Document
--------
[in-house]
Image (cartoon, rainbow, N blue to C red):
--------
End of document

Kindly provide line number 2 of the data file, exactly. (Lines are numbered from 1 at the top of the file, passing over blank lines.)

Image (cartoon, rainbow, N blue to C red):